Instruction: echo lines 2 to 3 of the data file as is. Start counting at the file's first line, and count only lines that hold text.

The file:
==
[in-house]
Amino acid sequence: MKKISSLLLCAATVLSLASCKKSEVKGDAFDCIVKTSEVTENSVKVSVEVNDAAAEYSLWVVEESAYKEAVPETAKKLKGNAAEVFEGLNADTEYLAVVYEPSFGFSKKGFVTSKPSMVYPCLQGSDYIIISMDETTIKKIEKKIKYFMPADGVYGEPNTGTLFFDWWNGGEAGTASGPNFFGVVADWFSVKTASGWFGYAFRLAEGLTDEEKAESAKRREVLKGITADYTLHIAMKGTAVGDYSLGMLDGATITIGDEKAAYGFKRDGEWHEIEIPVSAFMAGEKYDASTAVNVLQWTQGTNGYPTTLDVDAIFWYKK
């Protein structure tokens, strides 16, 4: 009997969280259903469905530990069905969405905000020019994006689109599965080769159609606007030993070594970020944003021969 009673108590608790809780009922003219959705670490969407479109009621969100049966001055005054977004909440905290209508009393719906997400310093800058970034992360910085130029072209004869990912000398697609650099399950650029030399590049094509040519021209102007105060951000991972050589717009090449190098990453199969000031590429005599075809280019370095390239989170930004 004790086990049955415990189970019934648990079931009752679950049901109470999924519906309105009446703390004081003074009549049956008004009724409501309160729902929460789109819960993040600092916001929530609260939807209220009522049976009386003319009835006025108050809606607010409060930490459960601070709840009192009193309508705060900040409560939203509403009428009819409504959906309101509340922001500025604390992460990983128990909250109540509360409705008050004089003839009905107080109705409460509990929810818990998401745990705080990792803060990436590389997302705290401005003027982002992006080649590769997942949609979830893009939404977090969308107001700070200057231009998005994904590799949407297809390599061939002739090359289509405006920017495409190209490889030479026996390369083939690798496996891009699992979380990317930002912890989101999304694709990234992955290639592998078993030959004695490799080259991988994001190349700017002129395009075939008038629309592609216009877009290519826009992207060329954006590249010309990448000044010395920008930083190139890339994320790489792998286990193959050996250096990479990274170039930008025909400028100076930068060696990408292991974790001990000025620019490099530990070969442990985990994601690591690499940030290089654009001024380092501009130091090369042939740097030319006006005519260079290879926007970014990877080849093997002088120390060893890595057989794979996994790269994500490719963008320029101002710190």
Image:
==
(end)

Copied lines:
Amino acid sequence: MKKISSLLLCAATVLSLASCKKSEVKGDAFDCIVKTSEVTENSVKVSVEVNDAAAEYSLWVVEESAYKEAVPETAKKLKGNAAEVFEGLNADTEYLAVVYEPSFGFSKKGFVTSKPSMVYPCLQGSDYIIISMDETTIKKIEKKIKYFMPADGVYGEPNTGTLFFDWWNGGEAGTASGPNFFGVVADWFSVKTASGWFGYAFRLAEGLTDEEKAESAKRREVLKGITADYTLHIAMKGTAVGDYSLGMLDGATITIGDEKAAYGFKRDGEWHEIEIPVSAFMAGEKYDASTAVNVLQWTQGTNGYPTTLDVDAIFWYKK
């Protein structure tokens, strides 16, 4: 009997969280259903469905530990069905969405905000020019994006689109599965080769159609606007030993070594970020944003021969 009673108590608790809780009922003219959705670490969407479109009621969100049966001055005054977004909440905290209508009393719906997400310093800058970034992360910085130029072209004869990912000398697609650099399950650029030399590049094509040519021209102007105060951000991972050589717009090449190098990453199969000031590429005599075809280019370095390239989170930004 004790086990049955415990189970019934648990079931009752679950049901109470999924519906309105009446703390004081003074009549049956008004009724409501309160729902929460789109819960993040600092916001929530609260939807209220009522049976009386003319009835006025108050809606607010409060930490459960601070709840009192009193309508705060900040409560939203509403009428009819409504959906309101509340922001500025604390992460990983128990909250109540509360409705008050004089003839009905107080109705409460509990929810818990998401745990705080990792803060990436590389997302705290401005003027982002992006080649590769997942949609979830893009939404977090969308107001700070200057231009998005994904590799949407297809390599061939002739090359289509405006920017495409190209490889030479026996390369083939690798496996891009699992979380990317930002912890989101999304694709990234992955290639592998078993030959004695490799080259991988994001190349700017002129395009075939008038629309592609216009877009290519826009992207060329954006590249010309990448000044010395920008930083190139890339994320790489792998286990193959050996250096990479990274170039930008025909400028100076930068060696990408292991974790001990000025620019490099530990070969442990985990994601690591690499940030290089654009001024380092501009130091090369042939740097030319006006005519260079290879926007970014990877080849093997002088120390060893890595057989794979996994790269994500490719963008320029101002710190």